The Raspberry Pi Foundation has launched an updated version of the Raspberry Pi 4 with 8GB of RAM after releasing the latest model of the pocket-sized computer last June.
While the device was initially available with either 1GB, 2GB or 4GB of RAM, even at that time the company was imagining the possibility of an 8GB Raspberry Pi 4 as the BCM2711 chip it uses supports up to 16GB of LPDDR4 SDRAM.
Unfortunately an 8GB LPDDR4 package didn’t exist in a form the Raspberry Pi Foundation could use in 2019 but its partners at Micron released one earlier this year which made the updated version possible. According to the company, the additional memory boost should be useful for power users that want to compile large pieces of software, run heavy server workloads or just have more browser tabs open at once.
The Raspberry Pi 4 with 8GB is almost identical to last year’s model except for the fact that the power supply components on the board have been moved around to supply the slightly higher peak currents required by the new memory package. A new switcher has also been added next to the device’s USB-C power connector.
Raspberry Pi OS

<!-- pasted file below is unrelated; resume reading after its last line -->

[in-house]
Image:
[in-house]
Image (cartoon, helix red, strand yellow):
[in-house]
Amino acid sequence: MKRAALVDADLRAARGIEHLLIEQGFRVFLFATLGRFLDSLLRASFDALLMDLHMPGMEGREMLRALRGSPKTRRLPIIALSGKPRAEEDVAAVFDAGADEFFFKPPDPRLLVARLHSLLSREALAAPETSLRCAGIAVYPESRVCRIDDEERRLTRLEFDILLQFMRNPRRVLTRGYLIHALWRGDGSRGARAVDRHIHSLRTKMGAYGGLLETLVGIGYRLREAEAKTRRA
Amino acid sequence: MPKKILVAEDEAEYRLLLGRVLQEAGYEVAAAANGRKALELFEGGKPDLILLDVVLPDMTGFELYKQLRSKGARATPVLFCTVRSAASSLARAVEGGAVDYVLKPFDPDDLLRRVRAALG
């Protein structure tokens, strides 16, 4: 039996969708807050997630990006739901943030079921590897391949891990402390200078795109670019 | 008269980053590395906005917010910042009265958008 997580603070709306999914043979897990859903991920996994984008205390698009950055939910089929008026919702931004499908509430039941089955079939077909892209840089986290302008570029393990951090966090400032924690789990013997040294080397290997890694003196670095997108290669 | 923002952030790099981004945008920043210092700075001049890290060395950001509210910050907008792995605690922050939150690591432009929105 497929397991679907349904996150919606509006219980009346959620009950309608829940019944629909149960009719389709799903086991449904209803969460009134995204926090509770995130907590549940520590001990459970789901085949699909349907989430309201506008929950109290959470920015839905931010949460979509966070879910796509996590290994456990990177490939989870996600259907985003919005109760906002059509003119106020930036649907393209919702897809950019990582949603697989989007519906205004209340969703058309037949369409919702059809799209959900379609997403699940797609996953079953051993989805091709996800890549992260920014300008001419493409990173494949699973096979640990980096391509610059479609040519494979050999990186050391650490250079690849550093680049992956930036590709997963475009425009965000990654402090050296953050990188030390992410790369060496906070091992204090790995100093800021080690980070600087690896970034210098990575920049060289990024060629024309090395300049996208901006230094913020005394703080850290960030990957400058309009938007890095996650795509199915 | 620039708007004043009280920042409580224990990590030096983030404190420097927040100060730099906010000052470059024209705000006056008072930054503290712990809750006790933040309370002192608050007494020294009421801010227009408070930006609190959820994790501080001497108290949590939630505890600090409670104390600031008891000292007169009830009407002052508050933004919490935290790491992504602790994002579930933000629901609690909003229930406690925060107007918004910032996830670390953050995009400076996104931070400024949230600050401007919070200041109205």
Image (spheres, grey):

The Raspberry Pi Foundation has also released an early beta of its own 64-bit operating system image built against the Debian arm64 port so that users can take advantage of the RAM increase in its updated Raspberry Pi. The 64-bit version of its operating system contains the same set of applications and the same desktop environment found in its regular 32-bit image.
While users can install either the 32-bit or 64-bit version, the 64-bit version will allow them to leverage all 8GB of ram and the 32-bit version can be run on every Raspberry Pi device ever released. If you want to use a 64-bit operating system and aren’t interested in running beta software, Ubuntu and Gentoo both offer 64-bit operating systems for the Raspberry Pi 4.
In order to make its operating system easier for new users to find, the company has also decided to give it a new name, Raspberry Pi OS. The Raspberry Pi Foundation believes that the new name will help users feel more confident when using its computers and software.
An update to the Raspberry Pi Desktop for all of the company’s operating system images is now available as well as the beta of the 64-bit version.
Via The Verge